CDC to Expand HIV Testing to Pharmacies
A pilot program aims to train pharmacists and retail store clinic staff on confidential rapid HIV testing
The Centers for Disease Control announced Tuesday a pilot program that will bring confidential rapid HIV testing to rural and urban pharmacies.
The CDC will train select pharmacists and retail store clinic staff on HIV testing in an effort to extend HIV testing and counseling into the standard everyday services offered by pharmacies and retail clinics.
The results of the pilot program will be used to implement HIV testing in retail pharmacies nationwide.
"We know that getting people tested, diagnosed and linked to care are critical steps in reducing new HIV infections,” Kevin Fenton, director of CDC’s National Center for HIV/AIDS, Viral Hepatitis, STD and TB Prevention, said in a news release. “By bringing HIV testing into pharmacies, we believe we can reach more people by making testing more accessible and also reduce the stigma associated with HIV.”
The two-year pilot program includes training for staff in community pharmacies and retail clinics in 12 urban areas and 12 rural areas with high HIV prevalence or significant unmet HIV testing needs.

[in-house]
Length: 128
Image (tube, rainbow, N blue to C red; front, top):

CDC estimates that 1.1 million people are living with HIV in the United States, yet nearly 1 in 5 remains unaware of the infection. In addition, one-third of those with HIV are diagnosed so late in the course of their infection that they develop AIDS within one year, missing years of opportunities to receive life-extending medical care and treatment, and potentially reduce transmission to partners.
Community pharmacies and retail clinics, with their convenience and easy accessibility, could play a critical role in ensuring more Americans have access to an HIV test, according to experts.
Data suggests that millions of Americans enter pharmacies every week, and an estimated 30 percent of the U.S. population lives within a 10-minute drive of a retail clinic.
“Our goal is to make HIV testing as routine as a blood pressure check,” Jonathan Mermin, M.D., director of CDC’s Division of HIV/AIDS Prevention, said. “This initiative is one example of how we can make testing routine and help identify the hundreds of thousands of Americans who are unaware that they are infected.”
For more information, visit www.cdc.gov/hiv.
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